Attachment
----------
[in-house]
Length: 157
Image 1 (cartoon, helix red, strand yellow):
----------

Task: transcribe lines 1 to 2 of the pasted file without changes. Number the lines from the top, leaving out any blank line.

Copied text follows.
[in-house]
Length: 157